As a parent, you may have already noticed that there are many different kinds of child care available. All types can provide quality care for your child. It's important to choose the type of care that best fits your child and your family's needs

Child care can be divided into four basic categories: 

  1. Child care centers
  2. Group child care
  3. Family child care
  4. Informal care

Here are some things to consider when choosing a type of child care.

Why do we call it "child care"?

You may have noticed that we use the term child care to refer to all types of non-parental care for children. Many people still use the term "day care", but it’s not a very accurate description. Child care is not limited to daytime hours. Children of parents who work evening or night shifts need care during the evening and night. Also, some adults require supervision during the day when a relative is not available to care for them. Child care is a better word to describe care for children when their parents are not present.

In-Home vs. Out-of-Home

The first choice to make is whether you want your child to be cared for in your home or in an out-of-home environment. There are advantages and disadvantages to both choices.

If you choose in-home care, you are likely to be hiring a professional nanny, a friend, a neighbor, or a family member to care for your child at home. Choosing in-home care may make the adjustment to child care easier because your child will be in a familiar environment. Having someone come to your home to provide care is convenient, and you may feel more comfortable knowing your child is being cared for by someone whose sole focus is on your child. Professional in-home caregivers do tend to be more expensive than out-of-home care, and your child will have fewer opportunities to interact with other children with in-home care. Professional caregivers are not regulated by the state of Georgia, so be cautious in screening potential caregivers.

Out-of-home care includes many different types of individual and group care, from taking your child to a friend or relative's home to enrolling him in a large child care center. Out-of-home care tends to be less expensive than hiring an in-home caregiver, and most out-of-home programs must meet strict state licensing regulations. Your child will also get the chance to interact with other children regularly while in most out-of-home settings. Out-of-home programs do tend to vary in quality, so be sure you're choosing a high-quality program. Good quality out-of-home care may have a waiting list, and you may have to pay more for higher quality programs than for low quality programs. (Remember that your child's well-being is worth the extra cost!)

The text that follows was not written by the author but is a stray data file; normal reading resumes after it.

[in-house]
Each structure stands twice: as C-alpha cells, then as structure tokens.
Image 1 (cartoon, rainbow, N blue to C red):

Child Care Centers

In Georgia , child care centers are out-of-home programs that care for 18 or more children. Centers can be operated by for-profit groups, non-profit groups, faith-based organizations, universities, social service agencies, independent owners or chains, or possibly your employer. Center-based care is structured and staffed to accommodate larger groups of children. Most child care centers have a defined curriculum and carefully-planned schedules of activities for children of different ages. Children in child care centers are likely to be in a group with children of similar ages, and to "move up" to new groups as they get older.